5 "ugly" fashion trends from the 2000s you should seriously reconsider
It's a faux past
If the fashion decades were disguised as typical high school tropes, flapper girls of the '20s would play the drama queens, while the rigidity, the precise construction of Betty Crocker-esque dresses symmetrise the '50s with the nerds. On the other hand, '70s bohemian princesses are highly likely (pun intended) to be pigeonholed as the stoners, and the disco-going, leather-wearing rebellious babes lighting up the '80s would be the life of the party.
But what of the 2000s? The pop years by far suffer from the worst reputation; the noughties reduced to the status of a dethroned popular kid. Albeit wildly emulated by the masses, the world hasn't been very kind to the Britneys and Parises of fashion. Navel rings? Don't even go there. Neckties with t-shirts? Even Gwen Stefani can't pull that off. Trucker caps? We'll pretend that fad never happened, though Kylie Jenner wouldn't. But fashion is karma — what goes around comes around and boy, is this black sheep coming around.
Behold, the five forgotten trends from the 2000s designers are putting back on the style map:
1. The top that takes guts
No matter your size, there's a crop top for everyone. But bra tops and belly button tops — the kind that cuts a couple inches lower and sits soberingly at the midriff — can be particularly unforgiving, especially when worn with the equally millennium-friendly, but grossly dreaded low slung pants. While you plan your crunch routine, look out for options with heavier sleeves, whether in length, width or volume; they offer the bit of modesty you're going to wish for.
2. The heels attached to a manicure mandate
The Cinderella slippers that grazed red carpets from 2000 to 2009 were plastic. Cold, shiny, hard plastic. (Bonus points if you get the reference). Similar to the ones donned by the Mean Girls, 2017 renditions of the clear heels are kept under three inches and come adorned with a nostalgic feature or two. See: The Barbie pump silhouette on Moschino and a blooming fleur on the Miu Miu sandal. Wear with a bubble skirt for maximum impact.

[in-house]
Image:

3. The millennium suiting
The 2000s played it so cazh, it appropriated jeans and T-shirt as evening wear. In what then, did the trendy wear on down days? The model off-duty memo reads "velour tracksuits". Specifically, bright, bedazzled bum, velour tracksuits. Thankfully, designers such as Victoria Beckham (who had to endure her fair share of neon during her Spice Girl days) and Glenn Martens of Y/Project, thought better. They dipped the fabric primarily in darker dyes, and steered any and all bling away from the nether regions. Demna Gvasalia's Juicy Couture collaboration at Vetements is a notable exception, accepted for its clever use of irony.
4. The sights that sparkle
Understatement was the name of the game at the turn of 2010, exemplified by the departure of John Galliano's grandeur from Dior and the rise of quiet sophistication that is The Row by Mary-Kate and Ashley Olsen. But as the later part of this decade bears witness to a resurgence of the 'more' — with compliments to Alessandro Michele's Gucci — bejewelled sunglasses make a timely comeback; not with a fizzle but with a bang. This season, go big or go home.
5. The "dress pants"
"Before you leave the house, look in the mirror and remove one accessory", the advice most commonly attributed to Coco Chanel, was dutifully ignored in the 2000s. Today, we don't consider trousers an accessory, but back then, the rules were a little different, so to speak. It was hardly enough to wear the dress, we had to wear the pants too. A political statement it wasn't, but a disaster nonetheless — until the likes of Saint Laurent, Toga and Rosie Assoulin streamlined the look and made it oh-so-new again.